Liam Entenmann, junior goalie, No. 44. Not unlike Maryland’s Logan McNaney, Liam Entenmann had a breakout junior season in 2021 as the starting goalie for the Fighting Irish. He led the ACC and ranked fourth nationally in both save percentage and goals allowed per game, earning him All-American and All-ACC honors. He dominated against Detroit Mercy with a save percentage of 81.8%, and despite a substandard performance against Georgetown he is still expected to be one of the nation’s best goaltenders and should be incredibly difficult for opponents to score against.

Strength

Defense. Throughout his long tenure, head coach Kevin Corrigan has established a reputation for stalwart defense. This year’s Notre Dame team is talented all over the field, but perhaps their strongest unit is their retooled defense. Arden Cohen is the team’s top returning defenseman after the graduations of All-Americans Kyle Thornton and Jack Kielty, but Richmond transfer Jason Reynolds and senior Carson Cochran have slid right into starting roles and performed well. Additionally, their short-stick defensive midfield unit is among the nation’s best, featuring graduate student and 2021 USILA Honorable Mention All-American John Hallenbeck and junior Nick Harris. All this talent, combined with an All-American in net and even offensive midfielders that have the ability to give opponents’ offenses trouble, creates a particularly difficult matchup for Maryland’s offense on Saturday.

Weakness

Faceoff experience. Last season, Notre Dame won over 60% of its faceoffs and was led by an experienced group of FOGOs. After losing graduates Kyle Gallagher and Charlie Leonard to the professional ranks, the Irish have a talented, but very inexperienced group of faceoff specialists this season. The team’s primary faceoff option so far has been freshman Will Lynch (Inside Lacrosse’s No. 2 faceoff recruit in 2021) and they have also turned to sophomore Colin Hagstrom at times. The duo went 18-of-24 on faceoffs in the season opener against Detroit Mercy, but they struggled mightily against Georgetown, losing 20 of the game’s 29 faceoffs.

Maryland’s Luke Wierman has won 65% of his faceoffs so far this season and junior Gavin Tygh has won over 50% of his opportunities, placing the Terps fifth nationally in Lacrosse Reference’s faceoff win rate while the Irish rank 39th. Tillman made it clear that his team isn’t taking faceoff preparation lightly this week, however.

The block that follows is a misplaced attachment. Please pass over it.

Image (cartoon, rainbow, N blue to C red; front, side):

“In terms of [Luke] coming in and thinking it’s going to be easy, I think he knows better. And I think our staff does too,” Tillman said.

Three things to watch

  1. Offensive production from the midfield. Both Maryland and Notre Dame have a plethora of offensive talent among their midfielders. Graduate Jonathan Donville is the Terps’ second leading scorer with 12 goals and two assists. Senior Kyle Long and fifth-year Anthony DeMaio have both scored four goals this season and are always capable of breaking out with a multi-goal game. For the Irish, graduate Morrison Mirer had four goals against Georgetown and sophomore Eric Dobson had two. Graduate Wheaton Jackoboice torched the Terps in last year’s quarterfinal matchup with four goals. While attackers like Logan Wisnauskas and Pat Kavanagh will receive much of the defensive attention, offensive midfield play could prove to be the difference on Saturday.
  2. Familiar foes. The Terps and the Fighting Irish will square off for the third straight season on Saturday, Maryland winning the last two. The aforementioned quarterfinal game from last season is sure to be a motivating factor for Notre Dame looking to avenge its loss. The Terrapins are 8-6 all-time against the Fighting Irish dating back to the first game between the two teams in 1995.

“There’s going to be a lot of emotion on both sides and both teams are really going to be excited to get another shot at each other,” Makar said. “The way the game was last year they’re going to be super excited to see us, and for us [it’s] a great opportunity and challenge.”

3. Bench contributions. While the starters get much of the praise, both Maryland and Notre Dame have deep rosters that include players coming off the bench who can be real difference-makers. Maryland had five non-starters tally points in last week’s game against Princeton, and Lacrosse Reference ranks Notre Dame’s roster as the deepest in all of Division I men’s lacrosse. With teams as talented as these two, there are always great competitors either stuck behind All-American caliber players or young and waiting to get an opportunity to prove themselves. By the end of the game, expect players not in either team’s starting lineup to have made real contributions that could affect the outcome of the game.